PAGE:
Frustrate difficult video games

Computer games

Jürgen Fritz

To person

Prof. Dr. Jürgen Fritz, born in 1944, teaches play and interaction pedagogy at the Cologne University of Applied Sciences in the Faculty of Applied Social Sciences. He is head of the research focus "Effect of virtual worlds".

Playing on the computer is accompanied by a variety of emotions

The flow of computer games brings a sense of achievement and drives away boredom, worries and stress. An ideal world - as long as the game doesn't get frustratingly difficult or boringly easy.


It's about the feelings when playing computer games, how they arise and how players deal with them. The game is played to relieve stress, to distract oneself, to fill in gaps in time; Boredom is the most common reason given.

Solo games are common, but the primary interest is shared games with friends and other leisure activities. The concentration that a game demands is definitely sought, because it creates distraction and is associated with game-related challenges.

If the challenge of a game corresponds to the player's capabilities, he can get into a flow state: He acts almost automatically, loses distance and merges with what is happening on the screen. This state is mostly perceived as pleasant, something to be addicted to.

It is not uncommon for people to react violently to disturbances; failures often accompany the player in the rest of his everyday life. The more experienced a player, the better they can handle such frustrations. In some cases, however, frustration is inevitable as players keep increasing their performance requirements. One of the charms of computer gaming is keeping frustration and flow in balance.

Problem outline

The German word "feeling" comes from the 17th century and originally meant a quality of human experience. In parlance, the word "feeling" is used in different ways. Feelings are related to sensory perceptions such as feeling warm.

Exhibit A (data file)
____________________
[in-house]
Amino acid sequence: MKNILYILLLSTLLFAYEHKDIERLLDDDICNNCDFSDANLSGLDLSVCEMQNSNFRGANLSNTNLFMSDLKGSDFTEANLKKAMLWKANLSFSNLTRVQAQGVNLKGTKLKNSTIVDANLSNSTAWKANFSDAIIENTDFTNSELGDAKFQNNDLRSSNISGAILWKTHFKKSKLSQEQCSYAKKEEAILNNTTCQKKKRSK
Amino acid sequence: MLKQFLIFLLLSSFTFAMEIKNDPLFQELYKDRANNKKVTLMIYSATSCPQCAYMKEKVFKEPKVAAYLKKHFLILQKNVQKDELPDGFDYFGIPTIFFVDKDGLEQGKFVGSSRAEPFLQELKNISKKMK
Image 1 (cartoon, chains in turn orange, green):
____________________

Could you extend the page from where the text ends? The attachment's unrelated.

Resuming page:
"Feeling" is also used synonymously with terms such as "feeling", "instinct", "weathering", "hunch": having a "feeling" for danger. The term "feeling" also describes skills in social relationships, which indicates "instinct", and in dealing with other people: "sensitivity", "sense of honor", "sense of duty", "sense of tact", "sense of responsibility".

Finally - and this meaning interests us in the following - the term "feeling" covers the spectrum of emotional impulses. This ranges from strong feelings (affects such as disgust, anger, sadness, well-being, fear, stress, aggression) to very differentiated emotions such as affection, sympathy, empathy, envy. It is difficult to make a sharp distinction between affects and emotions. Affects are mostly impulsive and reactive and of great intensity. Emotions, on the other hand, appear "milder"; they are more clearly influenced by learning processes and experiences.

These feelings (affects, emotions) are related to sensory perceptions, to imagining, remembering and thinking. As a rule, we can distinguish quite well between the feelings and the other states of experience. "Perceptions are usually rich in detail and change quickly; Thoughts, ideas and memories, on the other hand, are often not very detailed, but have a concrete, nameable content. Feelings, on the other hand, are typically poor in nature and imprecise. The same perception or idea and the same thought sometimes evoke completely different feelings in us. "[1]

Feelings are associated with distinct physical sensations, e.g. the heart beats with joy and excitement, the face turns red with anger. Despite this clear connection between the feeling and the physical reaction, the feelings are difficult to grasp and describe. Their function can be named more clearly. They give people "power to move"; they are a kind of "emotional potential" that drives people. Feelings are part of the schemes of action and give them a specific coloring. They participate in the selection of actions and reinforce certain behaviors.

Since feelings - consciously or not - are linked to an idea of ​​something desirable or something to be avoided, they are an inseparable part of human motivations. What a person wants to achieve and what he wants to avoid is decided in advance by his feelings. Feelings dominate the mind more than the mind controls emotions. Presumably this is usually a good thing, because our stock of feelings is nothing more than "concentrated life experience". Without feelings and motives that drive us, we are purely passive beings, however great our minds may work - if it works at all! Because what should move him to do that?